Why Black Friday is Creating a New Kind of Shopping Culture

Tis the season to be shopping. The day that once marked the start of holiday gift shopping season is starting to become a culture — shaped by consumer expectations and technology — built around how we want to shop and gift. It’s making this time of year a little more magical for shoppers and their retailers.

Customer Experience is a Profitable Business

More retailers gradually ease into Black Friday with some starting holiday specials as early as the first week of November because they know it is no longer just about offering the best deals; it’s much more than that. Now, it’s all about creating meaningful customer experiences that build loyalty in an intensely competitive marketplace.

And there are about 60 billion reasons to get into the business of customer experience, according to Customer Growth Partners who reported the dollar amount in sales for this year’s four-day holiday weekend alone, a 5.1 percent boost from last year.

Walmart rewarded Black Friday shoppers who waited in the cold to shop in-store with hot cocoa, coffee and cookies to keep their hands warm and spirits high.

Black Friday Doesn’t Come Without Its Risks

One thing hasn’t changed, retailers are still using the loss leader approach to bring store and site traffic over the Black Friday season that now extends into December, well beyond Cyber Monday with Green Monday on December 10th this year. Selling select products at a loss brings more money to your store or website for other accompanying purchases.

Retailers are focused more than ever on pushing promotions and these loss leaders throughout November and December — spreading out the demand and enabling fulfillment. All the while, the marketplace is in a transformation to online and omnichannel.

More brands are finding powerful ways to seamlessly integrate the online and offline customer experience. Walmart’s mobile app became an interactive guide — empowering customers to chart the fastest course to their deals of choice.

Target’s Cartwheel app, known for putting a “whole new spin on coupons,” was at the center of its online and in-store buyer’s journey. The retailer also implemented mobile checkout, a feature used by Kmart in the early 2000’s, increasing customer satisfaction with shorter wait times.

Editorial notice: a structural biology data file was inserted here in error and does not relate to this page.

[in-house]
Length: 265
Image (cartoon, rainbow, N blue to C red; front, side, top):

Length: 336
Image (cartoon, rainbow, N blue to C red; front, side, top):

While online sales jumped significantly, retailers saw a reassuring show of in-store traffic, something to be thankful for while their most pivotal season of the year is still underway.

There Are More Retail Opportunities Than Ever Before

This year Thanksgiving is bookended by four uninterrupted weekends of shopping leading up to the holiday — powering more last-minute purchases with higher weekend volumes — not to mention the post-turkey sales and an extra day of shopping this year before Christmas.

Omnichannel customers spend more, and the numbers this season are falling right in line with that statistic. The lines between channels are blurring and shifting with customer engagement — moving ever closer to convenience.

Shoppers spent $2.4 billion online on Wednesday, Nov. 21, according to Adobe Analytics data, and another $406 million online by 10 a.m. Thanksgiving morning. By the time the turkey was carved and on the table at 5 p.m., consumers had spent another $1.75 billion.

Black Friday brought a changing focus on in-store versus online shopping with an overall increase of 28.6 percent in online sales over last year. The shift to online sales gives customers the convenience to make purchases over leftover turkey and pie, instead of weathering the sometimes unpredictable and chaotic in-store crowds that once made the shopping holiday more controversial.

And, No Surprise Here, Pricing is Important

Customer experience isn’t the only factor pushing businesses to offer holiday savings sooner. Pricing transparency across competitors is also motivating retailers to launch promotions earlier to capitalize on market share and capture demand. A new best practice is emerging with more retailers launching Black Friday the week prior and pulling promotions through Cyber Monday to extend demand over the weekend.

Amazon started Black Friday deals early on November 16t this year.

The right pricing is always critical to bringing consumers in online and in-store. With more price transparency than ever before, customers have access to more options with every passing year. That means retailers need to be laser-focused on offering the right prices and stocking the right inventory.

More retailers are looking to artificial intelligence (AI) and automation to measure demand in real-time and build their seasonal strategies accordingly. Relying on guesswork in today’s retail climate — whatever the time of year — isn’t just less than ideal, it’s dangerous for retailers who have never had more competition.

As we move into 2019 and approach a new decade, it is imperative for retailers to own their pricing strategy all year long. That means understanding how climate change and major weather events impact demand. What impact do holidays or even your local Taylor Swift concert have on demand in stores and online that day?

Having the right technology in place keeps you up to speed with the marketplace and your consumers. And the only constant is change – this new retail culture will push shopper expectations and profits higher every year. Are you ready?

JoAnn Martin is vice president of retail industry strategy at JDA Software.